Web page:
Objective. Early pubertal timing predicts deleterious outcomes for young girls, including substance use, risky sexual behavior, and pregnancy. In turn, adolescent pregnancy predicts long-term negative consequences such as reduced educational attainment and income-earning potential. Despite evidence of the direct links between early puberty and negative outcomes, this study is the first to examine the role that alcohol plays in the timing of sexual intercourse and pregnancy among early-maturing females.
Design. Participants were 666 females, aged 18 to 22 years, from 4 major ethnic groups in Arizona (non-Hispanic white, black, Latino, and Native American). All women included in the sample had experienced a pregnancy in their teens or early 20s. Participants completed a self-administered questionnaire that inquired about their timing of menarche, sexual initiation, first alcohol use, and age at first pregnancy. A mediating model predicting age at pregnancy was tested by using path modeling.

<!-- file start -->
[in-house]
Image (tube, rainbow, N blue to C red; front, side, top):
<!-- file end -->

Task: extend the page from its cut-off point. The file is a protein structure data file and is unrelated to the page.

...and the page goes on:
Results. Early puberty was found to be associated with earlier age of alcohol use and sexual initiation, which in turn predicted early pregnancy. Age at first sexual intercourse and age at first substance use significantly mediated the relation between age at menarche and age at first pregnancy. The results did not vary by ethnic group.
Conclusions. Girls who mature early are more likely to engage in early substance use and sexual intercourse, which in turn puts them at greater risk for adolescent pregnancy. It is important that health care providers are sensitive to the risks associated with early maturation among young girls and provide preventive screening, education, and counseling related to alcohol use and sexual initiation for this group.